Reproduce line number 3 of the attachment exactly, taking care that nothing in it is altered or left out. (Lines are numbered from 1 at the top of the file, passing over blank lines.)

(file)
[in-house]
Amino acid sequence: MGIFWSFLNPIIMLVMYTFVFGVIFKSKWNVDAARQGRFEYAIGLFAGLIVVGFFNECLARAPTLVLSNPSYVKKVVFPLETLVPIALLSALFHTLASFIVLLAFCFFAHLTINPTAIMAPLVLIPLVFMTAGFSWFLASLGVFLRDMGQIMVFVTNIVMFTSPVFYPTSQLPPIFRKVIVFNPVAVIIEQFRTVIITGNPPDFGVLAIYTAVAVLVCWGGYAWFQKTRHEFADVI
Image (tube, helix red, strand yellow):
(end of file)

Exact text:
Image (tube, helix red, strand yellow):